A LADY’S GUIDE TO ETIQUETTE AND MURDER isn’t the debut one might expect from a woman who spent most of her adult life in the world of corporate finance. It’s a cozy historical novel set in the late Victorian era, and the heroine is an American heiress forced by circumstance to become an amateur sleuth. The few references to finance are plot-related, authentic to the period, and easily understood by even a layman like myself.
But maybe it’s not so surprising after all.
Author Dianne Freeman is a life-long book lover who pursued writing as a hobby throughout her corporate career and then co-authored a non-fiction book, Haunted Highway, The Spirits of Route 66, before quickly realizing her true love was fiction, historical mystery in particular. In short, she has spent years laying a solid foundation for this well-crafted debut.
Her research led to some unexpected insights. “Victorians weren’t so staid and uptight as I once thought,” she says, “nor were Victorian women meek. In fact, they were very much like we are today, only the technology has changed.”
Asked what authors inspired or influenced her career, she reveals two very different writers: “Edith Wharton, who made me fall in love with the late Victorian era, and Janet Evanovich, who showed me that humor and mystery could coexist.”
Thank you for taking the time to talk to us about your new book. Why don’t we start with a little bit about your writing journey and how you came to be a mystery writer?
I’ve been writing most of my adult life. Though I sold a few things over the years—articles and a work of non-fiction—I always considered it a hobby. I wrote fiction, both short and long, non-fiction, took creative writing classes, and attended writing conferences. Writing and reading were my favorite past-times and I indulged myself with them whenever I could. All that indulgence kept me learning and honing my craft.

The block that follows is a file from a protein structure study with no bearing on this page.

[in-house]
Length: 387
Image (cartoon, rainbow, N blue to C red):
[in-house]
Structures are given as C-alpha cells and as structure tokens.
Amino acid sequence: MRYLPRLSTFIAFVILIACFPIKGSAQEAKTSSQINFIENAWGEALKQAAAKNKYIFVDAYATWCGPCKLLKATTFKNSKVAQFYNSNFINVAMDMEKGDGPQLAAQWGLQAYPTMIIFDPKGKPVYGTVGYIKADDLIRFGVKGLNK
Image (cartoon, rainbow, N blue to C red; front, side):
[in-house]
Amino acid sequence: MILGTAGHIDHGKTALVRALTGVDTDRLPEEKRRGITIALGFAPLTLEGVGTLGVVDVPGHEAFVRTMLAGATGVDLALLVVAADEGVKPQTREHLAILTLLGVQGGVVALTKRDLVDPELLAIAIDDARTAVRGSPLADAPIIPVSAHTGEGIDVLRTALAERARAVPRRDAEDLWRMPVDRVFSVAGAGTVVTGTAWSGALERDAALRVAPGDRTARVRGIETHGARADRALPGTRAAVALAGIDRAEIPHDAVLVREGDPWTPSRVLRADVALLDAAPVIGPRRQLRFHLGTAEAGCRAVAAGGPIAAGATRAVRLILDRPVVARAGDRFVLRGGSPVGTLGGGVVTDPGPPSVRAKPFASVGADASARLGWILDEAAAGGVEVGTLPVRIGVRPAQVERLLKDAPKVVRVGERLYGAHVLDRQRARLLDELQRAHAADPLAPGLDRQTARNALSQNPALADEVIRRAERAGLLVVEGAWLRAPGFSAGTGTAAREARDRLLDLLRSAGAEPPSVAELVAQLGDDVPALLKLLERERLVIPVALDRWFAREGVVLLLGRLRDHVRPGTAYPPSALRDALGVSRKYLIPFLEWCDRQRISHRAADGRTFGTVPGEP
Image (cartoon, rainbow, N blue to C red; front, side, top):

A few years ago, I retired. Since I had more time for writing I decided to try my hand at what I loved to read most—historical mystery. A year and a half later, I’d finished my novel and needed some feedback. About that time, I learned of a contest called PitchWars, which is an opportunity to work with a writing mentor for two months then submit your novel to the “Agent Showcase.” I had nothing to lose, so I submitted my entry. And I got in!
My mentor pushed me to write better than I ever thought I could. When the Agent Showcase came, I received several requests, and 30 days later, an offer of representation from Melissa Edwards. I did another round of edits with Melissa and 60 days from signing with her, we sold the book as the first in a series to Kensington. While it took 35 years to get there, the last leg of the journey was head-spinning fast.
Can you tell us a little about A LADY’S GUIDE TO ETIQUETTE AND MURDER?
It’s the story of an American heiress whose family married her to a British aristocrat to increase their social status. In reality this was done with amazing frequency during the late Victorian era, which is when the story is set. It seemed like a poor basis for a happy marriage and I often wondered how things turned out for the couple ten years down the line. In this case, my heiress, Frances, is a widow. She’s done her duty to her family, she now has some freedom, and she’s eager to experience independence for the first time in her life. But when danger threatens, she steps in to protect her family.